Here is an example of four separate paternity awards using Sapp’s recently reported income:


Child 1:
Gross income: $1,390,572
Net income: $  870,408
20 percent annual award: $174,082
(18 year total: $3,133.476)
Monthly support: $14,500


Child 2:
Gross income: $1,390,572
Net income: $696,326 (initial net minus previous support award for Child 1)
20 percent annual award: $139,265
(18 year total: $2,506,770)
Monthly support: $11,605


Child 3:
Gross income: $1,390,572
Net income: $557,061 (initial net minus previous support awards for Child 1 and 2)
20 percent annual award: $111,412
(18 year total: $2,005,416)
Monthly support: $9,284


Child 4:
Gross income: $1,390,572
Net income: $446,649 (initial net minus previous support awards for Child 1, 2 and 3)
20 percent annual award: $89,129
(18 year total: $1,604,322)
Monthly support: $7,427


Total monthly child support obligations: $42,824


Total support paid for four children over their respective 18 year periods: $9,249,984.


These figures are for illustrative purposes only and contain a number of assumptions.  Taking Sapp’s most recently reported annual salary of $1,390,572 ($540,000 from the NFL Network and $850,572 from appearances, a book deal advance and other TV contracts) and assuming that Sapp, along with the four children and their mothers all lived in Illinois, four separate child support obligations would cost Sapp the absurdly large amount of $513,888 a year.  In this example, Sapp’s yearly child support obligations account for nearly 60 percent of his annual net income, leaving a paltry 40 percent to cover his living expenses and habits.  Based upon his reported bankruptcy, he clearly did not have enough left to meet his own needs.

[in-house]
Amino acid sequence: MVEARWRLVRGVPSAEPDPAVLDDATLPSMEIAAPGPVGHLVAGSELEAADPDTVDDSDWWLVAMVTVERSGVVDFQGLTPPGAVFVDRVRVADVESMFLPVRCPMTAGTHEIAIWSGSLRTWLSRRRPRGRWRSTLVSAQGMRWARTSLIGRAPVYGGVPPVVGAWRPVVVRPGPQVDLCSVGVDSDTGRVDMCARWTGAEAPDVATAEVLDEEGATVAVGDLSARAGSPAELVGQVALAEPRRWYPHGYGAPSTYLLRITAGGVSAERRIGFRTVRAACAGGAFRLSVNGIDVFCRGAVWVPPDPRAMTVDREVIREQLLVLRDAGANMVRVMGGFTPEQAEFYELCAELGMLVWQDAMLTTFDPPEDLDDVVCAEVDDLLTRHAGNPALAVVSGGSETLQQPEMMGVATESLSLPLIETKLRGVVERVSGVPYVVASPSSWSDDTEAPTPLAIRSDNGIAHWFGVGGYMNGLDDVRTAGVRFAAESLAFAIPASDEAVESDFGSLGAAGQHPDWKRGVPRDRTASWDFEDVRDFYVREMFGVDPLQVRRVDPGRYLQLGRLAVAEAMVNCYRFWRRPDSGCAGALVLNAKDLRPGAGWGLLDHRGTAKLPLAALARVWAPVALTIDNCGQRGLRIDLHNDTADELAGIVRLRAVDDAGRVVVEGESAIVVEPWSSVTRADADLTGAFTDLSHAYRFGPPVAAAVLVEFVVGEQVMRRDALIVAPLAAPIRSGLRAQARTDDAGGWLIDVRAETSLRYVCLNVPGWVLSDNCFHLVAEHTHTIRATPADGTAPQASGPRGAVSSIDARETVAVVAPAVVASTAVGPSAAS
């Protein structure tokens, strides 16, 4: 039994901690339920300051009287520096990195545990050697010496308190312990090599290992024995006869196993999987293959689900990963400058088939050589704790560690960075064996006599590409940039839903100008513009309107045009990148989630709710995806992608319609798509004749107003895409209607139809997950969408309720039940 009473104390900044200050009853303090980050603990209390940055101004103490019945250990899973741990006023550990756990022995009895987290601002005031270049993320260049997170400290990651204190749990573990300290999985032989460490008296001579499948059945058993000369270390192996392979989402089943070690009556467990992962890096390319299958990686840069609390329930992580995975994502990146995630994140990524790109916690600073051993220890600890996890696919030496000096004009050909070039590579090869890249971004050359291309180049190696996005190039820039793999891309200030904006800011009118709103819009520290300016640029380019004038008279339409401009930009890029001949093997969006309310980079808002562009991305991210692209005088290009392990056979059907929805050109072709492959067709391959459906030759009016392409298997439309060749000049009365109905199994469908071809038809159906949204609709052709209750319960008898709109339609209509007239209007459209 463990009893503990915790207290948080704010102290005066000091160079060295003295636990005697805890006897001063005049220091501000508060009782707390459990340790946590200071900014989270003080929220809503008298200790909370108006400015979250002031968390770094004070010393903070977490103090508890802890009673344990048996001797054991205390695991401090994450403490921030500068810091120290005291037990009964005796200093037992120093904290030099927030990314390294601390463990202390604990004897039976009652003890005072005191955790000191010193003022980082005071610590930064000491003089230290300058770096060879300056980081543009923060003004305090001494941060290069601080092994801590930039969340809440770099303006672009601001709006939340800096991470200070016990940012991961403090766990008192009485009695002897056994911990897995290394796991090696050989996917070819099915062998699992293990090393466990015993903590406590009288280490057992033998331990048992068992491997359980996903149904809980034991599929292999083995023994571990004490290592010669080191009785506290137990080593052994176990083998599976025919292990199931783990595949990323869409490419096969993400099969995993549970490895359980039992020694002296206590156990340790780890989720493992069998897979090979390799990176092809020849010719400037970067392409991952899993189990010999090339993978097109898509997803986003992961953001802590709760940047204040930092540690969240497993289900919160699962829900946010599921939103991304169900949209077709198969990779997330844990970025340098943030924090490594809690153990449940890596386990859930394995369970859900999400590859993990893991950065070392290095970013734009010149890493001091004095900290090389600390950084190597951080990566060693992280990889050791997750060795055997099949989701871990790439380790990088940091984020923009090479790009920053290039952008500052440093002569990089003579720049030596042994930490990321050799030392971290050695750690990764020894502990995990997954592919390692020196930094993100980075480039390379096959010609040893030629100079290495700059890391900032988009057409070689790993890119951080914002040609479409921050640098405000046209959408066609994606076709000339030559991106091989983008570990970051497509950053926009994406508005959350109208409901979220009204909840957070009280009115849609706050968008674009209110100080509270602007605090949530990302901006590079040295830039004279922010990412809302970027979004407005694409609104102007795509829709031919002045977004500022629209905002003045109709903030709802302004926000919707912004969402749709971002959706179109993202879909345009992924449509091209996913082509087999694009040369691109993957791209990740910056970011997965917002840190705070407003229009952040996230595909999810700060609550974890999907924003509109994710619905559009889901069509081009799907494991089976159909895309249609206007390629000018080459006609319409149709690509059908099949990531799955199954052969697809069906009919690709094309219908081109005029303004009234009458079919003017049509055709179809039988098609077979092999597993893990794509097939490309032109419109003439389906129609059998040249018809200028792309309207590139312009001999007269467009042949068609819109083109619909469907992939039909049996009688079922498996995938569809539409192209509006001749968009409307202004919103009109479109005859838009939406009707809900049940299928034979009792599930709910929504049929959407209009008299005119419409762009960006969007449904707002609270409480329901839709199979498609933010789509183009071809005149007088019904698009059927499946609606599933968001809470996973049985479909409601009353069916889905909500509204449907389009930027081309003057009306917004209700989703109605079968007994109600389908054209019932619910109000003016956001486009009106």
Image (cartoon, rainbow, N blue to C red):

It is easy to be astounded when a current or former professional athlete cries financial distress or files for bankruptcy when they have earned millions; however, as the above numbers demonstrate, an athlete with even one paternity obligation, let alone multiple obligations, cannot afford to live a professional athlete’s lifestyle, save for retirement and pay support obligations.  No amount of legal wrangling in paternity court will relieve an athlete of his financial responsibilities to his children.  Courts are not particularly sympathetic to athletes who continually live a lavish lifestyle while attempting to reduce their support obligations.  Additionally, under Section 523(a)(5) of the Bankruptcy Code, domestic support obligations are not dischargeable.

When it comes to financial planning and establishing a budget for athletes, financial managers should utilize a family law expert to provide an explicit hypothetical for the athlete which demonstrates the expense associated with child support obligations.  Demonstrating the financial effects of support obligations can be an effective preventive measure, if not the most necessary prophylactic to assist in avoiding costly support obligations.